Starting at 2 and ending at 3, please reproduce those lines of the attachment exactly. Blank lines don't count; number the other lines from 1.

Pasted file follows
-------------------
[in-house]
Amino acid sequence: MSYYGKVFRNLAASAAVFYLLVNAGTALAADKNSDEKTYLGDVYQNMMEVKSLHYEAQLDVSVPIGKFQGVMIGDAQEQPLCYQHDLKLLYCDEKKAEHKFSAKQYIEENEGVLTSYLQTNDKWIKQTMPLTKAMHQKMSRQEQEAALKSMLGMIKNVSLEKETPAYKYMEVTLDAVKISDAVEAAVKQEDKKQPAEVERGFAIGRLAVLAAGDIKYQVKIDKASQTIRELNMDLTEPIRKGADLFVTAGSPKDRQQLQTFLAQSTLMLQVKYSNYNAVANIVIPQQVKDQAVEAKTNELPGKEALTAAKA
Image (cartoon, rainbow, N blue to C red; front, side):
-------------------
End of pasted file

Amino acid sequence: MSYYGKVFRNLAASAAVFYLLVNAGTALAADKNSDEKTYLGDVYQNMMEVKSLHYEAQLDVSVPIGKFQGVMIGDAQEQPLCYQHDLKLLYCDEKKAEHKFSAKQYIEENEGVLTSYLQTNDKWIKQTMPLTKAMHQKMSRQEQEAALKSMLGMIKNVSLEKETPAYKYMEVTLDAVKISDAVEAAVKQEDKKQPAEVERGFAIGRLAVLAAGDIKYQVKIDKASQTIRELNMDLTEPIRKGADLFVTAGSPKDRQQLQTFLAQSTLMLQVKYSNYNAVANIVIPQQVKDQAVEAKTNELPGKEALTAAKA
Image (cartoon, rainbow, N blue to C red; front, side):